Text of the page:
Advance medical directives (1764)

Key points below

Living Will, Power of Attorney, Health Care Proxy for patients over 18 years of age

What are advance medical directives?

They are legal papers. It tells others how you would like to be cared for if you are not able to make decisions for yourself.

What are my rights?

There are two kinds of advance directives.

You can have either one or both kinds of advance directives. Both are legal documents.

  1. Power of attorney for healthcare.
    You must name a health care agent. This person will make decisions for you if you are not able to do so. The health care agent should be someone you know well and trust. They will make decisions for you only if you cannot do so. Your doctor decides if you can make decisions or not.

  2. Living willls.
    This tells your doctor and others about the kind of health care you want when you are ill and cannot make decisions. The living will takes effect only if you are dying or are in deep state of unconsciousness or coma. This is known as a persistent vegetative state. Two doctors or your doctor and a licensed psychologist can decide this.

What should I think about when I am making the directives?

Let your values be your guide. Think about what is important to you. If you could not speak for yourself, would it be important for you to:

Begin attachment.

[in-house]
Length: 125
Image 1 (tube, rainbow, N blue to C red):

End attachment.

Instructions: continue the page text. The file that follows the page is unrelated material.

What is covered in this directive?

You can limit or refuse things that would keep you alive if there is little or no chance of recovery.

Make your limits known about:

How do I make advance directives?

  1. Check state laws about living wills and durable powers of attorney for health care.
  2. Put your wishes in writing, using an approved form. Be as specific as you can.
  3. Sign and date your advance directives with two witnesses who are not related to you.
  4. Keep a card in your wallet to let others know you have advance directives. The card should tell others where to find the papers.
  5. Talk with your family and friends about your advance directives. Give a copy to anyone who might be notified in an emergency.
  6. Review your advance directives often and make changes as needed. Update copies you have given to others.
  7. Make copies and give them to your health care agent, your doctor and any other staff giving you care.

What if I change my mind?

As long as you are able to make decisions, you can cancel your advance directives. You need to tell your doctor and health care agent.

No one else can cancel your advance medical directive; unless they can prove you were not thinking clearly when you created the living will.

Who can help me make an advanced directive?

For more information


Call your child’s doctor, nurse, or clinic if you have any questions or concerns or if your child has special health care needs that were not covered by this information.